C:\Users\Donna\AppData\Local\Google\Chrome\User Data\lockfile was created.
    C:\Users\Donna\AppData\Local\Google\Chrome\User Data\Default\Login Data-journal was modified.

  239. I agree with the Windows Defender recommendation, but I disagree with this: “What’s important is that it [Malwarebytes] continues to have a very good track record of removing troublesome malware other packages sometimes miss.”

    Unlike other companies, Malwarebytes doesn’t usually submit its products for third-party lab testing. Despite what their marketing department say, they don’t participate in tests because the product isn’t very good. When they do participate in tests, this happens:

    https://www.ghacks.net/2018/11/27/malwarebytes-last-in-latest-av-test-antivirus-test/

    To claim that it catches “troublesome malware other packages sometimes miss” simply isn’t accurate. Other packages catch more and remove more.

    The company’s claim that their paid product is a “replacement for traditional antivirus” is particularly insidious because 1) it’s not good enough to replace other products and 2) it *is* a so-called traditional antivirus. It uses the exact same combination of signatures and behaviour blocks as other antivirus products. It’s also worth noting that the company has dropped it’s claims of the paid product being to run alongside other antivirus solutions. That’s because it can and does cause conflicts. In fact, it’s more or less likely to conflict with other products than Kaspersky, Norton, Emsisoft Webroot or any other antivirus package is.

    The company has absolutely great marketing – they’ve convinced a lot of people that Windows Defender + Malwarebytes is what’s needed – but a very subpar product.

    • which can catch some malware other AVs miss. . .

      Doesn’t imply that Malwarebytes is as good or better than other AV programs it just means what it says. If used along with another AV program, it can catch a few things your other AV might miss miss. Leo hasn’t recommended the paid version, he’s only recommended the free version as a supplementary tool.

      I’m referring to the FREE version of each of these tools. . .

      No anti-malware tool will stop all malware. Malware can and does slip by even today’s highest-rated packages.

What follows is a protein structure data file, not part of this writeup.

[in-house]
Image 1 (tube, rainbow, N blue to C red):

And that’s why Malwarebytes can be useful, to catch some of those which might have slipped through the rubber.

      • “And that’s why Malwarebytes can be useful, to catch some of those which might have slipped through the rubber.” – Except it really doesn’t do that. Other products have much thicker and stronger rubber than MB does. As I said, as lab tests prove, it’s one of the least effective products available.

        If you need to remove malware from a compromised system, you should use something that works well – and that means something other than Malwarebytes.

        • What lab tests? How do they “prove”? How universal are these proofs? For how long are these proofs valid? Who is sponsoring and paying for these lab tests? For every lab test you can name that says Malwarebytes is not good, I can name another that says it’s good. All these anecdotal conclusions are based on our own limited experiences and the self-corroborating “evidence” we can dig up from Google. We all have some AV software running because without one we feel naked.

          • https://www.pcmag.com/article2/0,2817,2455505,00.asp
            Ray, I’m not sending you this link to engage in a pointless tit-for-tat game.
            The bottom line is that we have *opinions* and none can be proven absolutely.
            This type of evaluation isn’t much different than the dime-a-dozen “medical” studies that one day tell you coffee is good for you and a month later it’s bad for you.
            So, enjoy whatever you use and happy holidays.

          • When you said, “For every lab test you can name that says Malwarebytes is not good, I can name another that says it’s good.” Ray came up with an article against Malwarebytes and you did what you said you can do. You’ve proved your point well. Any counterargument would just require a counter-counterargument. No need to keep bouncing counterargument back and forth.